Courtesy of Yale Athletics

Entering the Howe Cup, the No. 5 women’s squash squad (11–4, 4–3 Ivy) is gearing up to take on No. 4 Princeton (11–3, 5–2) in the first round of the national tournament this Friday, Feb. 24.

The Bulldogs will be traveling to Princeton looking to avenge an earlier loss. In their previous matchup on Feb. 4, the Bulldogs narrowly fell to the Tigers by a 5–4 margin. Despite taking all of the top four spots during that match for the first time in head coach Dave Talbott’s tenure, the Elis were unable to take advantage, losing the latter five. A revenge win against Princeton would take the Bulldogs to the Howe Cup semifinals for the first time since 2014, when the Elis beat the Tigers 5–4.

“Our last match against [Princeton] was super close, and if just one game had gone the other way we would have won,” No. 7 Emily Sherwood ’19 said. “Knowing this, we’re mentally going into the match with confidence. We’re not discouraged by the loss two weeks ago, and we’re ready to take them on in their home court.”

Yale will look to its No. 1 player, Jenny Scherl ’17, to lead the team. Scherl, has been at the top of the ladder for the Bulldogs the entire season, and was recently named one of three finalists for the Richey Award, which goes to the player “who best exemplifies the ideals of squash in her love of and devotion to the game, her strong sense of fairness and her excellence of play and leadership,” according to a press release by the College Squash Association.

In the previous meeting with the Tigers, Scherl defeated a Princeton player for the first time in her career, sweeping her opponent, Olivia Fletcher, 11–8, 11–9, 11–5. A repeat performance will be critical for a Yale victory.

“Being named a finalist for the Richey Award is an incredible honor,” Scherl said. “I have had phenomenal coaches and role models in high school and at Yale who emphasized the importance of sportsmanship, and this recognition of being named a finalist I completely owe to them. To me, this is the perfect way to cap off an incredible four years of college squash and a part of the Yale women’s squash team.”

In the second spot, No. 2 Lucy Beecroft ’20, who has played well all season, will take on Maria Elena Ubina, another of the three Richey Award finalists. In their earlier go-round, Sherwood overpowered Ubina in four close rounds, all of them ending within a three-point margin.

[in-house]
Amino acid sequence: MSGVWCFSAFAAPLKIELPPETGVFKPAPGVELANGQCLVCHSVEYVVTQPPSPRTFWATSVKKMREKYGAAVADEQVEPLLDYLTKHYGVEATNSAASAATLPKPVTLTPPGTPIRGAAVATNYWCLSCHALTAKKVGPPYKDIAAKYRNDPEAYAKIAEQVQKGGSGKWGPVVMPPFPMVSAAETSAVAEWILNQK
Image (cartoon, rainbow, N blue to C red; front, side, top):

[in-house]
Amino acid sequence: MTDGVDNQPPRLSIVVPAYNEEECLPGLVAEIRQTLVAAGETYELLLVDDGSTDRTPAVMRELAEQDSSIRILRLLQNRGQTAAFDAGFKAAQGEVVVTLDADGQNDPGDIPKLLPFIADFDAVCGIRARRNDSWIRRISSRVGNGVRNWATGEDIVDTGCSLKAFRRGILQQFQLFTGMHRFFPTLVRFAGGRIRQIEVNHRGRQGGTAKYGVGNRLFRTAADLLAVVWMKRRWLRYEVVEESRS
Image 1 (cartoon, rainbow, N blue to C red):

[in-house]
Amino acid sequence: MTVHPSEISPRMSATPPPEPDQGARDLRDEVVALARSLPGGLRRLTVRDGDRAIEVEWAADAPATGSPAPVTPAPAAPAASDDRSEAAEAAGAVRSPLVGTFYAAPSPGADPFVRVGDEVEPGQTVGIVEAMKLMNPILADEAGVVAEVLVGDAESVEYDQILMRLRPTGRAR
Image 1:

No. 3 Celine Yeap ’19 and No. 4 Shiyuan Mao ’17 also defeated their matchups in the last clash. Yeap won in a five-game battle featuring a 13–11 final game. If these two, along with the top two spots, can maintain their previous results, then the Elis will only need one player from the lower five rungs on the ladder to overcome their opponent.

“We’re pumped to play Princeton again in the first round of the Howe Cup,” Mao said. “We’ve stepped up our game since we last played them, and it’s really a matter of confidence and drive on the day itself. We are good enough to beat them, and we just have to believe in ourselves.”

While No. 5 Jen Davis ’18, No. 6 Jocelyn Lehman ’18 and No. 9 Madeline Tomlinson ’17 all fell in three games in the previous match, they can attempt to rebound on Friday. The final two, No. 7 Sherwood and No. 8 Selena Maity ’18, lost in four games.

Princeton is hosting the entire Howe Cup weekend, which pits the top eight teams in the country against one another for the national championship. If Yale is able to defeat the Tigers at their home, the Elis will move on to face the winner of the match between No. 1 Harvard and No. 8 Columbia on Saturday.

“We have been working hard for sure and are definitely more prepared going into this Friday,” Yeap said.

Last season, the fifth-seeded Elis were knocked out of the Howe Cup in the quarterfinals by Trinity.

A victory over Princeton would mark the Bulldogs’ first win over a team ranked in the nation’s top four this year.